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Volume XII, Number 183

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FDA Releases Guidance on Infant Formula Enforcement Discretion Policy

  • Yesterday FDA released a guidance document which lays out the Agency’s plan to help increase the supply of infant formula in the U.S through the exercise of its enforcement discretion for certain non-compliant infant formula. FDA will consider exercising enforcement discretion on a case-by-case basis and will ensure that any non-compliant infant formula that it allows to be introduced into interstate commerce under this policy will be safe and nutritionally adequate.

  • Infant formula manufacturers (both domestic and foreign) who would like FDA to exercise enforcement discretion should provide FDA with the following information:

Product Information

  • Product name and other identifying information (e.g., batch numbers, UPCs).

  • Countries in which product currently is being marketed and length of time marketed.

  • Quantity of product intended to be introduced into the U.S. (in weight at least).

  • Whether product is in current inventory. If yes, then provide “use by” date, and if not, provide date of import or introduction into interstate commerce.

  • Name/location of facilities where the specified batches are made.

  • Distribution plans (if available).

  • List of all ingredients (by weight).

  • Copy of product label.

  • Description of all packaging.

  • Test results for nutrients levels from the most recent batches produced at each facility.

  • Cronbacter and salmonella spp. test results for the most recent batches produced at each facility.

Information for each Manufacturing Facility

  • Certification that the manufacturer has established CGMP to prevent adulteration.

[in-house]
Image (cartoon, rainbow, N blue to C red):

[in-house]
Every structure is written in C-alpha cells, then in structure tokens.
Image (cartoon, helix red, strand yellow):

• Process flow diagram and written narrative which includes heating and processing conditions and critical control points.

  • FDA food facility registration number (as applicable).

  • If the facility has not received an FDA inspection, information regarding inspections by other government authorities or auditors.

  • FDA states that requests for enforcement discretion relating to items that may pose a safety concern (e.g., low levels of a critical nutrient or a failure to clearly identify food allergens) will be scrutinized and may not be appropriate candidates for enforcement discretion. In contrast, FDA cites a label that provides nutrients in the wrong order as a type of deficiency that would be a good candidate for enforcement discretion.

  • The guidance is in effect until November 14, 2022, but FDA will evaluate whether an extension is necessary. Requests for enforcement discretion should be sent to FDA.

© 2022 Keller and Heckman LLPNational Law Review, Volume XII, Number 137
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About this Author

Keller and Heckman offers global food and drug services to its clients. Our comprehensive and extensive food and drug practice is one of the largest in the world. We promote, protect, and defend products made by the spectrum of industries regulated by the U.S. Food and Drug Administration (FDA), the European Commission and Member States authorities in the European Union (EU) and similar authorities throughout the world. The products we help get to market include foods, pharmaceuticals, medical devices, veterinary products, dietary supplements, and cosmetics. In addition...

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